The U.S. says that if the global vaccine program COVAX decides to provide U.S.-made Pfizer vaccines to North Korea, it will support that effort.
In a spokesperson's statement, the U.S. State Department has said that it is aware of media reports regarding the outbreak of COVID-19 in North Korea and is concerned about how this might affect the North Korean people, adding that it continues to support vaccine provision to the North.
The department said the U.S. strongly supports and encourages efforts by the U.S. and international aid and health organizations in seeking to prevent and contain the spread of COVID-19 in North Korea and to provide other forms of humanitarian assistance to vulnerable groups in the country.
The statement said that if COVAX determines allocations for the Pfizer vaccine, which is the vast majority of U.S. donations, to North Korea, the U.S. would be supportive, as it would be to any member of the AMC 92, which refers to 92 low- and middle-income countries granted vaccine access through the COVAX Advance Market Commitment.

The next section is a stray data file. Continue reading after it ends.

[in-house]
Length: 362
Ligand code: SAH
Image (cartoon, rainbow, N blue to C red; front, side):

Noting North Korea's refusal to accept all vaccine donations from COVAX, the department reiterated the stance that while the U.S. does not currently have plans to share vaccines with the North, it continues to support international efforts aimed at providing critical humanitarian aid to the most vulnerable North Koreans.
Regarding South Korea's offer to give Pyongyang vaccines, the department said it supports inter-Korean cooperation including on COVID-19 prevention. It also urged the regime to work with the international community to quickly vaccinate its population.